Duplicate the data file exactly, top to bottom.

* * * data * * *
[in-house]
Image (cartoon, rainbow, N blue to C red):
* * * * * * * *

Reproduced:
[in-house]
Image (cartoon, rainbow, N blue to C red):